Closing Loophole for Convicted Drunk Drivers Being Considered

Prior results do not guarantee a similar outcome.

A loophole for convicted drunk drivers will close if a new proposal passes in the New York Legislature. Leandra's Law, passed in 2009 following the tragic death of Leandra Rosado by a drunk driver, required all convicted DWI offenders to install ignition interlock devices in any vehicles owned or operated by them for a period of at least six months. The device stops the ignition of the car if alcohol is detected on the driver's breath.

Many DWI offenders figured out a loophole to the requirement, however. By transferring car ownership to a friend or relative, who then allows the offender to drive the car without an interlock, they are able to get behind the wheel very easily. Then, after the six month period, the driver would reapply for their license and transfer car ownership back to themselves.

In a new bill in the New York Legislature, this loophole will prevent DWI offenders from avoiding ignition interlock by claiming they don't own a car.

Changes in the law would include:

  • Requiring ignition interlocks to be installed in any vehicle the offender owns or operates, or, if the offender claims not to own a car, the device must be installed on any car registered to the household or the car used in the DWI offense.
  • If the offender claims to have cause for not installing an ignition interlock, the bill requires the courts to determine the validity of the case. The offender would have to submit affidavits stating what cars they owned at the time of the offense; that they have not transferred ownership; how the offender plans to get to work; and if the offender claims to own no car, they must state that the car used in the offense is not available to them. A judge would then rule on the validity of those claims.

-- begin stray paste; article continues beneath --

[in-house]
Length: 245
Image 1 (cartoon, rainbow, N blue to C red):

• Extending the period of the interlock requirement from six months to the full probation or conditional discharge period. It would also include the requirement of wearing a Secure Continuous Remote Alcohol Monitoring bracelet for at least six months which continuously monitors the offender's sweat and alerts the authorities if any alcohol in the sweat is detected.
  • Withholding an offender's license reinstatement until either the interlock or SCRAM bracelet requirements have been met

If you have been charged with a Leandra's Law offense, speak to an experienced New York drunk driving attorney to understand the options available to you.